People come to Gulnara with a paper from professor Gasanov. On the paper, the professor prescribed the name of a flower and the duration of smelling. The smelling is done sitting down, most often for ten minutes. Gulnara oversees so that everyone is smelling what they are supposed to, so that, for example, a sclerotic does not begin to smell rosemary. The flowers stand in rows in a glass house that is called a phytotherapy office, it is reminiscent of a greenhouse. Gulnara tells me to sit down and also smell something. Can I sense the scent? I don’t smell anything. Obviously – that is because a flower does not emit a scent all for itself. One has to touch the stem, and the flower can feel that someone is showing interest in it. And it starts to emit its aroma. Every stir the flower meets with aroma – it is naive and frivolous, it wants to be liked by everyone. Comrades, stir up the flowers! – Gulnara reminds the elders sitting in the study, who start to stir the stems as though they were shaking ants off of them.

I ask Gulnara, who is a medical student, if she believes, that a flower can cure a human being. Cure not psychologically, because this possibility has been substantiated, but cure physically, for example return elasticity to a calcifying cell. Gulnara smiles. She says only, that people from all over the world come to see her. She emphasizes: even from America. Professor Gasanov’s method – therapy using the scent of flowers – has already become well known.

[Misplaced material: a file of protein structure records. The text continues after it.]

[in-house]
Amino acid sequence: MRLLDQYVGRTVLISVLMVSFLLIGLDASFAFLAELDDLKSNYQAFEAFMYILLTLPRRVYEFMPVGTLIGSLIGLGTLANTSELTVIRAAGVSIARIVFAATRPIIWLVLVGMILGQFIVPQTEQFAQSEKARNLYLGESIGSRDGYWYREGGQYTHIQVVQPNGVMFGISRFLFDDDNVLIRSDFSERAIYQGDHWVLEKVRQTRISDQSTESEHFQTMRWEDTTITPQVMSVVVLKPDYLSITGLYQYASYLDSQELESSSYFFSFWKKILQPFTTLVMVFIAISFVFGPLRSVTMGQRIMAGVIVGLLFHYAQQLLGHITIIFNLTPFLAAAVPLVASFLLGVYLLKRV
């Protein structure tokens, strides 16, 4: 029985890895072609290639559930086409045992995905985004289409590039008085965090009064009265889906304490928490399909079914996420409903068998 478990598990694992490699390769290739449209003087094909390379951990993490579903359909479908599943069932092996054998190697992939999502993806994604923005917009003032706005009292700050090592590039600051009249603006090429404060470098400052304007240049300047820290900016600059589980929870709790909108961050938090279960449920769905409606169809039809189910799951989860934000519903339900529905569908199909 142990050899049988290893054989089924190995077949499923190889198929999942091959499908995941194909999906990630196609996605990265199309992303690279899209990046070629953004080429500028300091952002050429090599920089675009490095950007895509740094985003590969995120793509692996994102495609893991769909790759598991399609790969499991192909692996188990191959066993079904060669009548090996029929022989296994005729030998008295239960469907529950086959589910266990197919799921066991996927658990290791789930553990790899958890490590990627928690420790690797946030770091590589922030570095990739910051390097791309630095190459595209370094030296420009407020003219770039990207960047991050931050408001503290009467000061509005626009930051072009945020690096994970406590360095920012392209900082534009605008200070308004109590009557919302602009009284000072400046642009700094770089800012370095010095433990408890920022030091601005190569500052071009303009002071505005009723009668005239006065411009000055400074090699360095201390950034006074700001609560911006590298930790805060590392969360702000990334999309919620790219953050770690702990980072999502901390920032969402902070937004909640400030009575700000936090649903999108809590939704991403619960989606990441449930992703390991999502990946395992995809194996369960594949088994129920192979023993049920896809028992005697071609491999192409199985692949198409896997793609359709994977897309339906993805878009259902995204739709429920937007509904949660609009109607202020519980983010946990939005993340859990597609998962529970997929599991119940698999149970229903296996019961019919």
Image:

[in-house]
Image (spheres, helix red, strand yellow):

I think that for Gulnara, like for me, the charm of this method is not only its aesthetic trait, but also its cheer and goodly wisdom. What is the professor supposed to do with an elder that carries seven crosses and forgets their date of birth? Of course, the professor could put them in a crowded hospital room, into the odor of chloroform and iodine. But what for? Is a twilight that smells of flowers not more beautiful than the twilight of chloroform? So when the professor sees someone, who has to look into their identity documents to give him their own date of birth, and complains, that his head is silting somehow, professor listens carefully, and then writes on the paper: “Rp.: Laurel leaves. Ten minutes a day. For three weeks.” And look, says Gulnara, crowds try to see the professor. The waiting list lasts for months.

source: translated from Polish, Imperium, 2001 edition, p 58-

While in Armenia, he recounts the biography of Soghomon Soghomonyan (Komitas), as it was told to him by the young composer Emina Aristakesjana.

1915, the beginning of the massacre of Armenians in Turkey. Until the times of Hitler, it was the greatest massacre in the history of the world, one and a half million Armenians died. Turkish soldiers dragged Komitas on a cliff from whence they were to execute him. At the last moment the daughter of the sultan of Istanbul saved him, his student. But he already saw the abyss and this disturbed his mind.

He was 45 then. Someone took him to Paris. He did not know that he is in Paris. He lived another 20 years in an insane asylum. He walked little, was silent, but looked on. Perhaps he saw those who came to visit him, they say that he stared at their faces.

When spoken to he did not respond.